View the updated 2019 version of Marketing vs Advertising vs Public Relations.
At 834 | Integrated Communications, clients rely on our ability to provide a full range of communications services. Do you need an ad placement in a magazine? We can hook you up. Having trouble marketing your product to a specific audience? 834 has a few tips and tricks that can help get your messaging in order. Oh, you need to gain some media coverage or find out the best ways to get involved in the community? We are your ladies (and guy).
There is a reason we are good at what we do. Want to know what it is? Of course you do. It is because we know the difference between the core services we provide; marketing, public relations (PR) and advertising. As similar as those three institutions might seem, there are distinct differences between each.
Let us break it down by definition before we fully nerd out on you and provide you with way more information than you would ever want to know
Marketing: “The activity, set of institutions, and processes of creating, communicating, delivering and exchanging offerings that have value for for customers, clients, partners, and society at large” (ama.org).
Advertising: “The structured and composed non-personal communication that is usually paid for and usually persuasive in nature, about products (goods, services and ideas) by identified sponsors through various media,” (M: Advertising 2nd Edition 2014).
Public Relations: “A strategic communication process that builds mutually beneficial relationship between organizations and their publics,” (PRSA.org).
Got it yet? If not, it is fine…that is all kind of boring, so we get it! Luckily we can help break it down for you a little more. There are a couple key phrases that will help make the differences pretty clear.
Marketing (Set of institutions – creating – communicating – delivering – society at large): Marketing adds an additional component to the process by focusing on a product or service from its inception to its purchase. Marketing is more all encompassing, not just one specific practice. It is built on four P’s: product, price, place, and promotion. The main goal of marketing is to promote and distribute a product or service to a customer. Wait a minute! Isn’t that what the goal of Ad and PR are also? Yes, and no. Advertising and PR exist under marketing, but only under the promotions “P.” Marketing puts emphasis on how the product actually gets into the consumer’s home, which is not the case with advertising and PR, at least not to the extent of marketing. Advertising and PR also have very little to do with product development or where it will be sold. There is certainly overlap, but each practice requires a specific set of skills and knowledge to get it right. Marketing is more big-picture based while advertising and PR are more focused.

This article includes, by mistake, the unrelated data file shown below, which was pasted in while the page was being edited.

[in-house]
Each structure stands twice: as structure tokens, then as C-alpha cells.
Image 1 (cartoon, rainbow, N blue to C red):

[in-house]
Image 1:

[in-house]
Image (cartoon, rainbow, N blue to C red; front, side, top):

Advertising (non-personal – paid – persuasive): The practice of advertising is based on trying to persuade you to buy a product with out actually meeting face-to-face. When you see an ad on TV or you don’t have a salesman sitting next to you on the couch drinking wine and munching on pizza rolls, right? The advertisement alone is meant to get you hooked to buy. In addition, the majority of the ads you see day-to-day are paid for, which is a major difference when compared to PR.
Public Relations (strategic communication – mutually beneficial – publics): In PR the main goal is to create (you guessed it) relationships. Think about the complexity of any given relationship in your life (best friend, sibling, parent, etc.), that is what PR is all about. The time and work it takes to build and maintain a relationship is what sets PR apart from the other two institutions. The relationships built in PR need to be beneficial to both the organization and the public (investors, customers, partner businesses, employees, etc.). You don’t go to help grandma fix her TV and expect that good cookies won’t be involved. Same goes for organizations and their publics. It is all about finding connections that help make things better for all parties involved.
When you combine advertising, PR and marketing into one great big pile of strategic communications awesomeness, you get integrated marketing communications. That is when things get really fun. Well at least we think so, but we will save that for another blog. Until then study up…or even better just give us a call and leave it to the pros.